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May
28
revised Space-efficient way to encode numbers as sortable strings
example encoding correction, rephrasing and additional uses
May
28
comment Space-efficient way to encode numbers as sortable strings
@Kevin - as long as you don't care about reversing the encoding (either by humans or a standardized display algorithm), you could encode numbers into some custom "base-255" or "base-254" encoding scheme. I'd imagine you'd have to write your own thing, rather than just parsing the number and passing it to a fairly standard encoding function, but it would compress 32-bit numbers to 5 characters and still be sortable, and Unicode "encoding" could take them down to 2 "characters", if I'm not mistaken (?) - ASCII wasn't specified, just assumed.
May
27
comment Reference Microsoft.Office.interop.access.dao.dll cause error C#
didn't... read... the question? - stated that the application is 32-bit (x86), that installing the Access Database Engine would by all accounts fix the issue, but installation is not an option
May
27
comment Error in create access database?
Did you ever get an answer for "does Access have to be installed on the server"? I've changed the target to x86. Task Manager says the application is running in 32-bit mode... still getting this error
Mar
19
comment PowerShell: detecting errors in script functions
With the continue there, shouldn't there be a line saying ` end 2` in between the exception info and the line with begin 3? If not, why not?
Mar
16
revised How do I redirect output stream(s) to byte array in memory, for writing to an API
clarification
Mar
13
revised How do I redirect output stream(s) to byte array in memory, for writing to an API
revised title
Mar
13
asked How do I redirect output stream(s) to byte array in memory, for writing to an API
Mar
11
comment How to redirect powershell output when run from Task Scheduler?
yeah! +1 for that, even though I personally knew that already... seems worthy of specification for the question asked
Feb
25
comment How to concatenate strings and variables in Powershell?
surely there is a way to pipe the desired properties into an external file, then deserialize them into a string of components joined with hyphens(?)
Feb
24
awarded  Civic Duty
Feb
12
comment File Copy with Progress Bar
Boy, I hope this works well!!
Feb
12
comment What is the proper regular expression for an unescaped backslash before a character?
@LeonTimmermans and James - hey - I've come up with an expression, that at least when I benchmark it on RegexHero seems to be ~35-40% faster in .Net, if you're interested: (?<!(?<!\\)\\(\\\\)*)\\g -- it also only matches the character you want, rather than the entire expression (so, for \\\\\g, it will verify that \\\\\ is even numbered, then match \g -- I believe yours matches \\\\\g - didn't seem like that was desired(?)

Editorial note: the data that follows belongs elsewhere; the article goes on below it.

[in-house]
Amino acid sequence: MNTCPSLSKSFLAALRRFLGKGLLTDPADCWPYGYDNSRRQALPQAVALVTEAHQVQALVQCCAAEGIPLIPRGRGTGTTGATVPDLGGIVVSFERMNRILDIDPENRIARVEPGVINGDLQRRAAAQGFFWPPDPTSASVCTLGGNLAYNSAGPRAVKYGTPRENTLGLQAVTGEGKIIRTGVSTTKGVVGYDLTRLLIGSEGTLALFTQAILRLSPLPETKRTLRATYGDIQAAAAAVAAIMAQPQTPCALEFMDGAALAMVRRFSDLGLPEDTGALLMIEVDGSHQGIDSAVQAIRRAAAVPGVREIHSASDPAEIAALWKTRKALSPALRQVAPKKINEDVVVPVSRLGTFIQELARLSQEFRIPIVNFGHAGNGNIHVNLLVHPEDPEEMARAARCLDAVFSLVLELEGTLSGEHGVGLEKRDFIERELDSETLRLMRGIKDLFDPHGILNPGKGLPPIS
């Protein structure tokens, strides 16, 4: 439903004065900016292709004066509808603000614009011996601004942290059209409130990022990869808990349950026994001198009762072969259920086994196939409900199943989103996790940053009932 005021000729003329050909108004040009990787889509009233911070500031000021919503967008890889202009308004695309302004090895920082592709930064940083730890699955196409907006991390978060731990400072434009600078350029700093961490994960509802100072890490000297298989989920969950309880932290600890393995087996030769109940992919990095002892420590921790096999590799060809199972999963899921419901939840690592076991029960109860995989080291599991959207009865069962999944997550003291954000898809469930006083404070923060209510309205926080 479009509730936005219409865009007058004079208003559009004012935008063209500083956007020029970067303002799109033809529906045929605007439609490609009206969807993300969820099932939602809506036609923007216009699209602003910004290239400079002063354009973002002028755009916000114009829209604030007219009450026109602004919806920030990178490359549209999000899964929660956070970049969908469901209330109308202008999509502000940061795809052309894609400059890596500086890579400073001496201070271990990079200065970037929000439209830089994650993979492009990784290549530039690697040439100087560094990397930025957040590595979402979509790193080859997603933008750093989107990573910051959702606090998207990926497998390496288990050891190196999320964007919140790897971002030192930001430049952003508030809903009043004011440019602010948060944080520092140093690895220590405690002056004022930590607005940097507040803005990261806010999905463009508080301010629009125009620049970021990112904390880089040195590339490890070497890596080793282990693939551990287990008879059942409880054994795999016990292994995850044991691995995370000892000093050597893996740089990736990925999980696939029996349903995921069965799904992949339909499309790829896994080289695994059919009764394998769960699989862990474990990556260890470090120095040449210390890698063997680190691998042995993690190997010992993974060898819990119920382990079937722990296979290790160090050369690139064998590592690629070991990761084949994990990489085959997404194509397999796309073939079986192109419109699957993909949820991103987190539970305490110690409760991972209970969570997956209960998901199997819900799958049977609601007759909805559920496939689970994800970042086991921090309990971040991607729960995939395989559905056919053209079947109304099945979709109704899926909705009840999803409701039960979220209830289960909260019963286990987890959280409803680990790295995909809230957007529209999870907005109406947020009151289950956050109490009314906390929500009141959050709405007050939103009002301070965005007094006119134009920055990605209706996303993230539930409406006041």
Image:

Feb
9
comment Natural sort for SQL Server
I put my encoding scheme more or less into words in response to your referenced question, but that question does not take into account alphanumeric strings - only numbers encoded as strings - not sure if that was intentional, as your question seemed to be in response to this comment thread, and this thread talks about alphanumeric strings (?)
Feb
9
revised Space-efficient way to encode numbers as sortable strings
advantages and caveat sections
Feb
9
answered Space-efficient way to encode numbers as sortable strings
Feb
9
comment Natural sort for SQL Server
ah - good to know that too, I saw the limit for a varchar - in general perhaps ? - as 8,000, but 900 should still be enough.
Feb
9
comment Natural sort for SQL Server
ah - this MIGHT work... somehow I thought the limit on a varchar was in the 250 range, but 8,000 should be plenty of space to give - what I need to do now is figure out if I want to use my encoding scheme, which would be more processing, or use more space to store the sort value
Feb
9
comment Natural sort for SQL Server
Though it would achieve the ordering I need, I can't think that padding the numbers could be made to be dependable enough, because the numbers could be every other character, thus making something like a1b2c3d4e5 into a0000001b0000002c0000003d0000004e0000005 - I could of course make the sort field big enough to handle this situation with 10 padding digits, but that would lack support for 11 or 12 digit numbers... However I am working toward creating a "sort" column, so it can be indexed, and I think I've come up with an encoding scheme - I have a feeling it will need an answer of my own
Feb
6
comment Natural sort for SQL Server
@blam within the context of programming in general, this is not a magic sort. Most procedural languages do not support it natively, but there is an implementation freely available for each of them, usually with some sort of commentary on how it's not perfect, or doesn't account for something, and/or is not efficient. The most common name for these is "natural" SQL is not a procedural language, and T-SQL is not recommended for processing lots of loops, which are AFAIK necessary for this sort of algorithm. I can't find, but could use, and am trying to determine a SQL solution.